My Grandma has an outdoor spotlight that hasn't worked for quite some time. I realised there wasn't actually a bulb in it so I ordered a new one, switched off the mains, fitted it, put the power back on, and it works, the light comes on! There's only one problem - it won't switch off again!

Here is a picture of the outdoor spotlight:
Outdoor Spotlight

There is also this light indoors above the front door:
Indoor Light

Years ago, I remember that when the outdoor spotlight was triggered by someone approaching the door, the bulb indoors would light up as well. However, both bulbs are just permanently shining and I can't figure out why. My Gran has since forgotten why the bulbs were removed from the outdoor and indoor lights, or how they've gotten like this.

An initial Google of how to fix the problem mainly returns results saying to switch the spotlight on and off again rapidly to reset the sensor. However, I can't actually find a switch for it, and I believe it is wired directly into the mains. I did find this cover in the upstairs bedroom shown in the first photo which is directly behind the spotlight and I'm 99% sure this is the wiring for it but it's just that, wiring, and not an on/off switch.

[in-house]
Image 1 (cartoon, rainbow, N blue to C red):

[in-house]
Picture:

Any help in remedying this would be much appreciated!

  • 1
    This is anecdotal, so not making it an answer, but I had this happen once, and we discovered there were spiders living inside the housing for the motion sensor, which were constantly setting it off. Might be worth checking if there's something living in there. May 11, 2020 at 17:06
  • It’s unlikely for the capped switch to be in an upstairs bedroom. To test, turn off the power and disconnect the wiring, and see if the light is off. Be safe as you do this - keep everyone away from the temporarily live exposed wiring.